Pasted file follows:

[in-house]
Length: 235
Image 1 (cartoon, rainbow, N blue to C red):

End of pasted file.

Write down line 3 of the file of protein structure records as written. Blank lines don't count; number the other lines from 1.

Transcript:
Image 1 (cartoon, rainbow, N blue to C red):